After church we were invited to a short reception in an area that they set up for welcoming visitors. The pastor and a few of the church staff members met us there. We were the only visitors that day, but they were prepared with enough homemade muffins and drinks for probably 10 visitors. We had a good talk with the pastor and no one seemed like they were in a hurry to leave; however, they also did not try to monopolize our time and make us stay.

When we left they gave us each a coffee cup and a friendly smile.

That was not the end though. The next night, Monday, a couple from the church stopped by the house with a loaf of homemade pumpkin bread. They stayed just long enough to thank us for visiting the church and extend an invitation to return.

We felt special.

Contrast that with another church we visited several weeks ago. It was a similar situation in that I had previously met the pastor. We were in his town without a meeting for that Sunday morning service. It was a good opportunity to just stop by.

The reception at the church was cold. The only person who came up to us other than to shake our hand briefly and walk off was the visiting preacher. He came over and chatted and acted interested in us. If the pastor came by before Sunday School or church, I don’t really remember it.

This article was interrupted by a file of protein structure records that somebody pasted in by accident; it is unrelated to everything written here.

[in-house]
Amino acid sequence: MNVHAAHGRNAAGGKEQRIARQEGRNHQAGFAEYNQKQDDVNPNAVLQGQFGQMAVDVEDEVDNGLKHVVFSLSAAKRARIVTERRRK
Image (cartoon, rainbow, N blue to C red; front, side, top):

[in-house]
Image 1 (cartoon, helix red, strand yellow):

After church we hung around a short time just so that the crowd could thin and I could thank the pastor for teaching a class I was in a couple of months before. He acted like he was in a hurry and did not have time to chit-chat at the back of the church even though there was no one waiting to speak with him.

The church, while full of visitors that day, felt dead. They had a special push to bring visitors to hear the guest speaker. I think there were 20 or more visitors for that service, but none of us were made to feel welcome by the church as a whole. I would hope that those who brought friends did a better job in thanking their friends for being there.

Of course I don’t expect that church to visit in my home since I live about 10 hours away, but I doubt they would have visited if I lived 2 blocks away. It just seemed like they were not interested in adding anyone new to their congregation.

I spoke with a friend who had also visited in that church and he felt the same thing.

Two churches, two very different atmospheres. What are you and your church doing to make visitors feel like they are welcome?